State lawmakers from nine states introduced bills Jan. 8 aimed at blocking oil and gas drilling off their coasts, and a group of House Democrats meanwhile unveiled measures that would ban drilling in federal waters off much of the country.

The congressional bills would put a moratorium or permanently prohibit drilling in the Straits of Florida and the eastern Gulf of Mexico and off the Atlantic Coast, the West Coast and the Arctic Ocean.

The legislation would likely get a chilly reception in the Republican-controlled Senate, as it runs counter to the promotion of fossil fuel development by the White House.

The White House has a draft proposal to open lease sales in 98 percent of the federal offshore from 2019 to 2024. Environmental groups said they expect a final version in the coming weeks. The Trump administration has said it wants to wrap up the plan by the end of 2019.

The state lawmakers’ bills can’t stop the Trump administration from opening up oil and gas leasing in federal waters, which begin three nautical miles off the coast.

Instead, they are aimed largely at stopping development of state-based infrastructure that would be needed to transport the fuel back to land.

“If we paired up with Massachusetts and New Hampshire, which we are doing, that’s going to cause a company to travel all the way down to North Carolina or even Florida,” state Rep. Michael G. Devin (D-Maine) said during a press call. “It makes it cost-prohibitive. It also sends a very strong message to the federal government that the three states in the Northeast are not interested in offshore drilling in the Gulf of Maine. And hopefully a similar message is being sent all around the coasts.”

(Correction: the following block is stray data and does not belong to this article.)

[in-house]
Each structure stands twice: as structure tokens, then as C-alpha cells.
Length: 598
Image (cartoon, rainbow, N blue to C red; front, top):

State legislators from Connecticut, Georgia, Hawaii, Maine, Massachusetts, New Hampshire, New York, Oregon, and Rhode Island said the costs of drilling off their shores far outweigh any potential benefits.

Congressional Democrats Propose Halt

Seven U.S. House Democrats from coastal states introduced bills to block drilling on the Outer Continental Shelf. The Democrats who introduced the bills include House Energy and Commerce Committee Chairman Frank Pallone (D-N.J.) and the chairman of the just-created House select climate committee, Rep. Kathy Castor (D-Fla.).

Others introducing bills in the package, all Democrats, are Reps. Alan Lowenthal (Calif.), Joe Cunningham (S.C.), Salud Carbajal (Calif.), David Cicilline (R.I.), Jared Huffman (Calif.), A. Donald McEachin (Va.), and Elaine Luria (Va.).

“The bills introduced today by members of the House show definitively that new leadership is appropriately prioritizing the protection of our coasts, national parks and local communities,” Natalie Levine, National Parks Conservation Association program manager for parks resource protection, said in a statement.

Range of State Policy Proposals

Some of the state lawmakers trying to stop federal oil and gas leasing, such as state Rep. Dylan Fernandes (D-Mass.) and state Sen. Dawn Euer (D-R.I.), said offshore drilling will hurt their commercial fishing and tourism industries.

Each of the nine state bills is different, offering fixes that range from an outright ban on drilling in state waters to the imposition of strict liability on responsible parties in case of an offshore oil spill.

The oil and gas industry says it’s safer and cleaner now than it has ever been, and that domestic energy is a critical part of the nation’s economic growth and security.

“As the world’s leading natural gas and oil producer, our nation is in a position of strength, after decades of feeling captive to faraway events and the decisions of others,” Mike Sommers, president and CEO of the American Petroleum Institute, said Jan. 8.